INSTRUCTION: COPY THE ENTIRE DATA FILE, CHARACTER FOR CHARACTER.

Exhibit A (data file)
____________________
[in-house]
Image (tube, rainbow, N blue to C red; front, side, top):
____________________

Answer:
[in-house]
Image (tube, rainbow, N blue to C red; front, side, top):